Editor’s Note: In this week’s Thought Leadership piece, Nigeria’s First Ladies Against Cancer (FLAC) and Dr Nono Simelela of the World Health Organisation (WHO) advocate for the urgent need to eliminate cervical cancer in Nigeria and align to the global strategy for cervical cancer elimination.
In August 2020, for the first time ever, the world resolved to eliminate a cancer; by passing a resolution in the World Health Assembly, 194 countries took a stand against cervical cancer and committed to eliminating it. For Nigeria and other countries in the developing world where the burden of the disease lies, the notion, while a welcome one, is a tall order considering the state of healthcare delivery in these countries and the production rate of vaccines.
Nigeria has one of the highest numbers of Cervical cancer worldwide. In 2018, there was an estimated 14,943 new cases and an estimated 10,403 deaths from cervical cancer in Nigeria. Research shows that poor awareness with an underlying weak healthcare system that lacks a screening policy and accurate diagnostic tools are the major contributors that account for the high morbidity and mortality associated with the disease.
As First Ladies of States in Nigeria, working on cancer issues through our individual non-governmental organisations across Nigeria’s six geopolitical zones, we are confronted daily by cancer patients with limited treatment options. The main roles of our coalition, First Ladies Against Cancer (FLAC), is advocacy to increase awareness, access to cancer care, and influence policy direction in Nigeria with the collective aim of reducing the cancer burden in the country. As such, we saw the rationale behind the call by WHO to eliminate Cervical cancer and aligned with it.
For countries to be on the path towards cervical cancer elimination, the new global strategy calls for achieving the following targets by 2030:
- 90% of girls fully vaccinated with the HPV vaccine by 15 years of age;
- 70% of women screened twice in their lifetime, using a high-performance test
- 90% of women identified with cervical disease receive treatment (90% of women with precancer treated, and 90% of women with invasive cancer managed).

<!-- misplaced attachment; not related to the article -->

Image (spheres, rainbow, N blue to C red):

This science of the strategy while clear and simple enough, presents a number of challenges for us in Nigeria. The HPV vaccine is a vital tool in the elimination of cervical cancer as it stops the cancer from developing. By giving the HPV vaccine to all young girls before they reach 15 years of age, it means in the next 20 to 30 years, there will be no cases of cervical cancer. In order to achieve this, Nigeria needs to incorporate HPV vaccination into the national immunisation program. This is one of the key issues for which FLAC is advocating.
Nigeria has finally committed to the introduction of HPV vaccine into the immunisation programme by the first quarter of 2021, but millions of doses are needed and there is doubt availability will meet global demand. Ironically, high income countries, despite having lower incidences of cervical cancer, have more access to these vaccines, while countries like Nigeria struggle to get the required numbers. There is a lack of prioritisation based on disease prevalence by vaccine manufacturers. Thus, the pharmaceutical industry must contribute to efforts towards elimination efforts by not only bringing down the cost, but by considering disease prevalence when selling. Big pharma must join the global effort to eliminate cervical cancer by producing and supplying the required number of doses within a rapid timeline and offer it to low- and middle-income countries at a fair price. This was done with HIV medication and the race to obtaining a vaccine for COVID is evidence that with the right commitment, equitable and increased vaccine access can be achieved.